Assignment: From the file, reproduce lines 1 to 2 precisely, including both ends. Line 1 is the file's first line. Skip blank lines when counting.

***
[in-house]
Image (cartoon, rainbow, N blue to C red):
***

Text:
[in-house]
Image (cartoon, rainbow, N blue to C red):